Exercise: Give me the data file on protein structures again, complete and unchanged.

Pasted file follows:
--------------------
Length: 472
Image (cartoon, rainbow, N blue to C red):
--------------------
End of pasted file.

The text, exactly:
Length: 472
Image (cartoon, rainbow, N blue to C red):